Elsewhere, there were demonstrations of Dakar trucks and a ‘mini’ rally held within the various sectors of the Fuji Speedway parking lots. It was cool to see these cars throughout the day with various stages of dirt on them. By the end of the day they were appropriately ﬁlthy.
The best thing about the Gazoo Racing Festival was something called the Circuit Safari. When I ﬁrst saw this on the schedule I thought it’d be something I could skip. But that would’ve been a grave mistake. For just 2000 yen ($15) fans can get taken around Fuji Speedway on a bus. Just to go around the Fuji circuit, even on a bus is special enough, but this isn’t just a normal tour bus. No, this is Toyota’s version of Jurassic Park. Instead of seeing and hearing dinosaurs out the bus window fans were side-by-side with racing cars. Drivers would do hot laps around the buses, some slowing down for photos and videos alongside the buses before setting oﬀ again.
This was a surprise and next time I’d like to see what it’s like from inside the buses. Tour guides were made up of racing drivers giving talking in depth about the cars they’re seeing. Of course it’s all in Japanese but still worth trying out.
The only thing I wished they would’ve done was to take more of their Le Mans cars out on track instead of leaving them on display in the pit garages. It would’ve been a special sight to see the GT-One out in motion especially in the same year they took their LMP1 win, but perhaps that’ll be for another event.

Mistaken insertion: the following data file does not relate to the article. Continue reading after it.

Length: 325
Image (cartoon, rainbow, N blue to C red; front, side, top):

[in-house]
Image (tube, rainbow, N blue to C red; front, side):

What it lacked in racing cars, it made up for with road cars. Toyota brought out the big guns to the celebration of all things Gazoo. The new Supra prototype was on display for most of the day and eventually went out on track to do a few laps.
But the highlight had to be the uber-cool Century GRMN. Built as a one-oﬀ for the CEO, it’s a crazy exercise to bring attention to the GRMN and perhaps hinting at the possibility of branching out to fettling with some luxury models in the future. An Alphard GRMN anyone?
As with every Toyota Gazoo Racing Festival, the Toyota 2000GT and Lexus LFA Owner’s Club had a strong presence. Around a dozen LFAs and eleven 2000GTs showed up which was deﬁnitely one of the highlights of the event. A surprise appearance from Max Orido’s personal Mk4 Supra at the end of the day was the cherry on top of the Toyota cake that was the Gazoo Racing Festival.
I applaud Toyota’s eﬀorts in making this event as family-friendly as possible with a push into activities for children. It’s a great way to make future generations appreciate cars and goes with Toyota’s whole thing about making their brand appear more fun and enjoyable.
Though similar on paper to the NISMO Festival, it’s quite a diﬀerent event for diﬀerent kinds of people. This has a more general appeal to it while NISMO is deﬁnitely more for the car geeks. The great thing is it’s entirely doable to attend both. Which is win-win for everyone.
Ken Saito is a Guest Writer specialising in Automobiles who resides in Japan. With a B.A. majoring in Media Studies with minors in Asian Studies and History from Victoria University in New Zealand, Ken has contributed to motoring websites like DriveLive New Zealand, CarsOfTokyo (Japan), Jalopnik (USA) and Petrolicious (USA), as well as magazines like Lords Magazine (France) and Automobile (USA).
Ken may be one of the few people to have been ‘canyon carving’ in a Cadillac SUV against a Ferrari F40…